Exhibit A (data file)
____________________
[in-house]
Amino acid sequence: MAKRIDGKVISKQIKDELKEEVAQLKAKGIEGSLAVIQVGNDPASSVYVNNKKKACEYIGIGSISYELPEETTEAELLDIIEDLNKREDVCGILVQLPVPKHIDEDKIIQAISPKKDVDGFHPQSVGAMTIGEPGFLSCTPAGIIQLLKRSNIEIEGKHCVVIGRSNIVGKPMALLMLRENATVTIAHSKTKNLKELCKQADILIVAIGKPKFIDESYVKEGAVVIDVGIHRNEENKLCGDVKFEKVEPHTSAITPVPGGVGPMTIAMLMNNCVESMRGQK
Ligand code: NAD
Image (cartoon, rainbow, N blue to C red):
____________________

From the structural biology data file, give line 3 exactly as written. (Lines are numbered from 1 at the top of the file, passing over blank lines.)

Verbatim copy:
Ligand code: NAD